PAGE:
Because each affected vessel is a small business, this proposed rule 
has an equal effect on all of these small entities and therefore will 
impact a substantial number of these small entities in the same manner. 
Therefore,

[[Page 31077]]

this rule would not create disproportionate costs between small and 
large vessels/businesses.
    The profitability of these vessels as a result of this proposed 
rule is based on the average Pacific sardine ex-vessel price per mt. 
NMFS used average Pacific sardine ex-vessel price per mt to conduct a 
profitability analysis because cost data for the harvesting operations 
of CPS finfish vessels was unavailable.
    For the 2013 fishing year, approximately 64,000 mt were available 
for harvest by the directed fishery. Approximately 63,000 mt 
(approximately 7,100 mt in California and 56,000 mt in Oregon and 
Washington) of this allocation was harvested during the 2013 fishing 
season, for an estimated ex-vessel value of $14 million. Using these 
figures, the average 2013 ex-vessel price per mt of Pacific sardines 
was approximately $229 during that time period.
    The proposed initial non-tribal commercial fishing quota for the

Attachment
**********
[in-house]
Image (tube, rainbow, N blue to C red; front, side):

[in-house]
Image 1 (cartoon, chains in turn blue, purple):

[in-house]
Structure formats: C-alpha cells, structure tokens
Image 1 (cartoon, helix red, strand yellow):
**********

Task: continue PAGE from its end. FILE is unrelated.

2014-2015 Pacific sardine fishing season (July 1, 2014 through June 30, 
2015) is 19,293 metric tons (mt). This is approximately 38,000 mt less 
than the equivalent allocation for 2013 and approximately 27,000 mt 
lower than the previous lowest level set in 2011. If the fleet were to 
take the entire 2014-2015 quota, and assuming a coastwide average ex-
vessel price per mt of $218 (average of 2012 and 2013 ex-vessel), the 
potential revenue to the fleet would be approximately $3.87 million. 
Therefore the proposed rule will decrease small entities' potential 
profitability compared to last season, due to the lower quota this 
fishing season. The release of any unused portion of the 4,000 mt set-
aside for the Quinault Indian Nation might be used to supplement the 
amount available to the directed fishery as occurred in 2012 and 2013, 
thereby increasing the potential revenue to the fleet. Additionally, 
revenue derived from harvesting Pacific sardine is typically only one 
factor determining the overall revenue for a majority of the vessels 
that harvest Pacific sardine; as a result, the economic impact to the 
fleet from the proposed action cannot be viewed in isolation. From year 
to year, depending on market conditions and availability of fish, most 
CPS/sardine vessels supplement their income by harvesting other 
species. Many vessels in California also harvest anchovy, mackerel, and 
in particular squid, making Pacific sardine only one component of a